Stunt Work with Animals
Monday, 04.09.2018, 10:00 AM
Scenes involving animals are potentially very hazardous. Animals can be unpredictable. Some animals, for example large cats, can attack people if startled. Other animals, for example horses, can be dangerous just because of their size. Dangerous, untrained animals should not be used on Motion picture sets.
In addition to risks to the actors and crew, the health and safety of the animal should be a prime consideration.
1. All personnel (camera crew, actors, etc.) should be informed in advance of the intention to use animals in a scene. This notice should include the species of animal involved since many individuals can have severe, even life-threatening, allergic reactions to particular animals. The set should be closed so that only essential personnel are present during scenes involving animals since animals are often intimidated by large numbers of strangers and noise. The closing of the set should also be listed on the call sheet and a "Closed Set" notice posted on all stages where animals are present.
2. The producer should notify the American Humane Association, American Society for Prevention of Cruelty to Animals (or other bona fide national organization incorporated for the protection of animals) of the intention to use animals in a scene, make the script available, and allow representatives of the organization to be present during filming.
3. Only trainers and/or handlers, and the designated actors, should be allowed to work with the animals. There should be enough handlers to keep the animals under safe control (e.g. two handlers per large, undomesticated animal (for example, a mountain lion).
4. The trainer providing the animals shall ensure that all required inoculations, medical certificates, licenses, and medical safeguards are obtained. Note that for wild animals, there often are no inoculations available.
5. An easily accessible area shall be available for the loading and unloading of animals.
6. On the set, animals should be provided with adequate space, rest, air, light, water, exercise opportunity, etc. Bright lights and heat should be avoided, and signs of distress and overheating - such as panting, drooling, and rapid breathing - should dictate rest and a cool down period.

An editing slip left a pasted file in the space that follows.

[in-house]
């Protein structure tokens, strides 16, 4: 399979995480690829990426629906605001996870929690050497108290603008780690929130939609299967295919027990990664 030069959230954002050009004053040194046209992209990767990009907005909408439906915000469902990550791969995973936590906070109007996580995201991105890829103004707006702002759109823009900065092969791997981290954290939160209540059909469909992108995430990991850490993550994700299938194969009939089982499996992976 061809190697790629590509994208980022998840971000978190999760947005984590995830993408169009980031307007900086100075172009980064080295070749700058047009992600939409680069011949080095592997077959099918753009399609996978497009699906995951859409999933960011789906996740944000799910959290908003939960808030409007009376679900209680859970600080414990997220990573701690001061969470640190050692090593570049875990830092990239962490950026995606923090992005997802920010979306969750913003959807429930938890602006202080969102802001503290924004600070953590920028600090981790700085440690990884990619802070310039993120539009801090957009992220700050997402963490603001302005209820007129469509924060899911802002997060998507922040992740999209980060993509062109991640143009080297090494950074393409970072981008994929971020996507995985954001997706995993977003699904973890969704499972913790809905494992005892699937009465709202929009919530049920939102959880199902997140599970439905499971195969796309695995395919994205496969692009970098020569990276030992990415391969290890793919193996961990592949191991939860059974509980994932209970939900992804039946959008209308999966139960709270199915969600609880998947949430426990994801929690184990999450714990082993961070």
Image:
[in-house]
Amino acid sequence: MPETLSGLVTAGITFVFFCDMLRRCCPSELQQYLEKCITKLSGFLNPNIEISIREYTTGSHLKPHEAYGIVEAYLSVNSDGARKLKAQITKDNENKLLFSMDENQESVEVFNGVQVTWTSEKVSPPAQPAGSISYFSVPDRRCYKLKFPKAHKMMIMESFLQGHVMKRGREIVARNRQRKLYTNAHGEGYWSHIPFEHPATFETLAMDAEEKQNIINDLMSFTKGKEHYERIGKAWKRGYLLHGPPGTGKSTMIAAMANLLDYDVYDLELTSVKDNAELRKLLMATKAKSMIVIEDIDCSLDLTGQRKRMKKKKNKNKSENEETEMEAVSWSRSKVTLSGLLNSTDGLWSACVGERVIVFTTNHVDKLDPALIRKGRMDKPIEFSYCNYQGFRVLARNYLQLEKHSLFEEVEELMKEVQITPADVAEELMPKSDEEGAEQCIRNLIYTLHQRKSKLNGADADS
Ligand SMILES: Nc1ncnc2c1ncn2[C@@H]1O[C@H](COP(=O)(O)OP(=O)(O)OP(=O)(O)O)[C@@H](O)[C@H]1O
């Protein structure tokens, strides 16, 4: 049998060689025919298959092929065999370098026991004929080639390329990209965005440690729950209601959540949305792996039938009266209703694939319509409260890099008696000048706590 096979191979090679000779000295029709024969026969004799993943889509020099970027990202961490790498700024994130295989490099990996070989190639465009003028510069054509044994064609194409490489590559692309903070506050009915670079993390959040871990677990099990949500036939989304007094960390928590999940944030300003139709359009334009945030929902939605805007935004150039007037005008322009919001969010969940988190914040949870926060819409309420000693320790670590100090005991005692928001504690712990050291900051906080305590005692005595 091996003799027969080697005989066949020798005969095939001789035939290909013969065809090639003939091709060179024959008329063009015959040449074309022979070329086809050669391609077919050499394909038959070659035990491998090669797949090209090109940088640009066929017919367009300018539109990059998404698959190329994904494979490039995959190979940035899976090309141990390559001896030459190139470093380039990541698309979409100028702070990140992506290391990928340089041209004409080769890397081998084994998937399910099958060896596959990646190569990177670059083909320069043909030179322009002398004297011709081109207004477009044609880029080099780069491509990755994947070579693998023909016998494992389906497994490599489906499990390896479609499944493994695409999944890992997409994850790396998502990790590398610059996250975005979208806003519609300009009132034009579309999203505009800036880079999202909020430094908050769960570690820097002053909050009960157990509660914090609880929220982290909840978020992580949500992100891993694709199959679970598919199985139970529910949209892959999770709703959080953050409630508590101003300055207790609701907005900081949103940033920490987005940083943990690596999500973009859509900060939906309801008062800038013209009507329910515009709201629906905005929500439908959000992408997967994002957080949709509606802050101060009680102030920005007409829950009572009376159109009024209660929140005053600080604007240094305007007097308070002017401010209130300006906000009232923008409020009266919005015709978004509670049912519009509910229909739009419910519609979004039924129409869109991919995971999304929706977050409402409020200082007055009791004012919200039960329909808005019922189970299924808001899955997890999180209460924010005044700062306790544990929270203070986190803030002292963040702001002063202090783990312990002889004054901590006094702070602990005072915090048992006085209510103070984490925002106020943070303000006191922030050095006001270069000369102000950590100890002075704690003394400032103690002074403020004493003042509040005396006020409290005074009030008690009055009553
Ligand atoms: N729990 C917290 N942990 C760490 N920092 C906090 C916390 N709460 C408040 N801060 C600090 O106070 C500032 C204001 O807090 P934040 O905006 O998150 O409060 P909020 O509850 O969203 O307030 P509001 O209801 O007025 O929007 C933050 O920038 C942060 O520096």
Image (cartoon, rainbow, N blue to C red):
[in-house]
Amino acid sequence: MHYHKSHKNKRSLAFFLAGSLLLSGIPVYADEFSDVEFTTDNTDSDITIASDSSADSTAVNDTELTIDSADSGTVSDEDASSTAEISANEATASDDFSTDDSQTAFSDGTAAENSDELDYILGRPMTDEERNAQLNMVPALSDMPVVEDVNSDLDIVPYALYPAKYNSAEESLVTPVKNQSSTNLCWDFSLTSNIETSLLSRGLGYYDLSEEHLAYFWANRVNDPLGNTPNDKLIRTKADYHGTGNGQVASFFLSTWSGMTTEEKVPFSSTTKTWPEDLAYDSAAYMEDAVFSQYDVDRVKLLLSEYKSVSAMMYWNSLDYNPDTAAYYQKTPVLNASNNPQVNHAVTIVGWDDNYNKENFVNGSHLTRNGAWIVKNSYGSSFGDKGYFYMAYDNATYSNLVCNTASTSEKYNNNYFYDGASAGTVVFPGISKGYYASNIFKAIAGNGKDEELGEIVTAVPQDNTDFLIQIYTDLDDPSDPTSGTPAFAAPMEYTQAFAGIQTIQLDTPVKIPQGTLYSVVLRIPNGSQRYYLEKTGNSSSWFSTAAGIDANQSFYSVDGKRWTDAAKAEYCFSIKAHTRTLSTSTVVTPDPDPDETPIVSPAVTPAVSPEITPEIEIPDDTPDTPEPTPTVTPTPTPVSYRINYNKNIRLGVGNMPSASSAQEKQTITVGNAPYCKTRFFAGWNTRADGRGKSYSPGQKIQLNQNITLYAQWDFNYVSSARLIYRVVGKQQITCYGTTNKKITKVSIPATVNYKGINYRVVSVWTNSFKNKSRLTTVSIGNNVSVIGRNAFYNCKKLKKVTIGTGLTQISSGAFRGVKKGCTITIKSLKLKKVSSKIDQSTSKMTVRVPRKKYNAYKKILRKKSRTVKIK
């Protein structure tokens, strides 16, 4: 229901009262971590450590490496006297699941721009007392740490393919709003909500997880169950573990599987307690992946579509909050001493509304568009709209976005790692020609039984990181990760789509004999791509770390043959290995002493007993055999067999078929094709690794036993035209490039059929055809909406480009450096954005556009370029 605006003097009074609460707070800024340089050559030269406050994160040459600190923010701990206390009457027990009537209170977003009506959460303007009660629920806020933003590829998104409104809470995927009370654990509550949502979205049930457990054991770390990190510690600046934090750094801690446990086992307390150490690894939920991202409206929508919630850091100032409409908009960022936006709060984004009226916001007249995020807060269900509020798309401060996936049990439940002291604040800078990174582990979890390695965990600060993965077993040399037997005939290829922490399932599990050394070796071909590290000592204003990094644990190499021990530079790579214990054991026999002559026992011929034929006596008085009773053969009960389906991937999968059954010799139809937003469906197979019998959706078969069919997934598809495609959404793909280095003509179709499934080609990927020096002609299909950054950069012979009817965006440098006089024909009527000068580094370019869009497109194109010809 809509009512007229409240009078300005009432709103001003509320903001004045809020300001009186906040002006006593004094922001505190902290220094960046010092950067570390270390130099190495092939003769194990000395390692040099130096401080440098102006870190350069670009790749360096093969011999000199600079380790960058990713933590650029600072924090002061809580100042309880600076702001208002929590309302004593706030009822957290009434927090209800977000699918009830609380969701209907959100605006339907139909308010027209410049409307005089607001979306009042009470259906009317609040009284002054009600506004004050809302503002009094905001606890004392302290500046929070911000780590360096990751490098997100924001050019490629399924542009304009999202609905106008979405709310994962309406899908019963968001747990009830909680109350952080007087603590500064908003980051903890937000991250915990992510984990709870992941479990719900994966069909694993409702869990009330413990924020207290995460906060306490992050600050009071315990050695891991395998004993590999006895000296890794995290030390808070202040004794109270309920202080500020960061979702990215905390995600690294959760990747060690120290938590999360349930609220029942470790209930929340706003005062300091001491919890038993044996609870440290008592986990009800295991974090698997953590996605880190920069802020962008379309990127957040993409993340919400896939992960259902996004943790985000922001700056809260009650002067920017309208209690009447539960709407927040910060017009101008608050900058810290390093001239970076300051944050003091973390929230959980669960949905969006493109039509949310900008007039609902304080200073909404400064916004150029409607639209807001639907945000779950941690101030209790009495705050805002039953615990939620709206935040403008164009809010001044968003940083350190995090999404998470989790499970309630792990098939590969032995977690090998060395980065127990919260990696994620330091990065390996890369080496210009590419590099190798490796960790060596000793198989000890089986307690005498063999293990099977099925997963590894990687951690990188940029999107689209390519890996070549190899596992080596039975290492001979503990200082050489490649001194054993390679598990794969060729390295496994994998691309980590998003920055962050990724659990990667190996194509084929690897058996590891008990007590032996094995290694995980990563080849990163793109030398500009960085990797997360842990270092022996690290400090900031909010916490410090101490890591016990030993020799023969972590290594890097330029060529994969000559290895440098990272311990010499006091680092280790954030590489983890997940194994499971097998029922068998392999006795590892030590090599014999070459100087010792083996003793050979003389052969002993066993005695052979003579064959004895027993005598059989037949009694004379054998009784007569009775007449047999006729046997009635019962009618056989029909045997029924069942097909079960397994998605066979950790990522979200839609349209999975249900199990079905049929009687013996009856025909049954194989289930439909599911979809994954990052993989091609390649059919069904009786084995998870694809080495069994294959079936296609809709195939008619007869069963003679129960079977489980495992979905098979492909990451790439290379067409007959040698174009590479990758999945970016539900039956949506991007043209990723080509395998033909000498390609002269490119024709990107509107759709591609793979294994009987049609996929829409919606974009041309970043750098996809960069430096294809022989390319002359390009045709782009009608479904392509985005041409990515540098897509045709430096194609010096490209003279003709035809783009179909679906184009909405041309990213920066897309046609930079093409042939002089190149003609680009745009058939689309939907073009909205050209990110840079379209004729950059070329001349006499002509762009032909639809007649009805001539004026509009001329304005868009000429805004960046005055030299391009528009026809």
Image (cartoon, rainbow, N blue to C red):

The animals should not be kept in cramped traveling cages. All regulations of the Federal Animal Welfare Act and any applicable state regulations should be followed. Animals should not be beaten or intimidated to obtain desired responses.
7. Animals, even untrained animals, should never be included in scenes that can injure them. Deliberate killing of animals, use of animals as bait for cats or other carnivores, running over animals, etc. should not be permitted. The opinion of the representative of the animal protection organization as to the safety of a scene (from the point of view of the animal) should be accepted.
8. Basic animal safety equipment should be available. This
can include fire extinguishers, fire hose, nets, and tranquilizing
equipment. For emergencies with dangerous animals, (e.g. an animal
attacking a person),
9. Sedation or tranquilization of animals should only be done for
the benefit of the animal, and upon advice of the trainer and a qualified
veterinarian (except in an emergency). Animals shall not be sedated or
10. Scenery and props should be secured so they can't tip over or startle the animals.
11. A stunt coordinator having experience with animals shall be responsible for coordinating the stunt involving the animal. The stunt coordinator and animal trainer shall be given the opportunity to discuss safety precautions with the performers and crew (including the parents and/or guardian of any children) before the animals are on the set.
These precautions include:
* maintaining a safe distance from wild and exotic animals
* no personal pets on the set while other animals are present
* no feeding of animals
* no running or loud noises
* setting of escape routes
* no alcohol or perfume near animals if the trainer thinks it would upset the animals
* no menstruating women on the set if the trainer decides it might upset the animals (especially large cats or bears)
12. Animals, their handlers, the stunt coordinator, and involved performers should be given sufficient time to familiarize themselves with the set and each other.
13. Live ammunition shall not be allowed on the set, only blank ammunition. The level of blank loads and explosives shall be determined by the stunt coordinator, trainer and firearms expert. The animal handlers shall be given advance notice of gunshots or other noises, light flashes, or any other activity which could upset an animal. Every effort should be made to exclude animals from the set during gunshots, explosions, etc.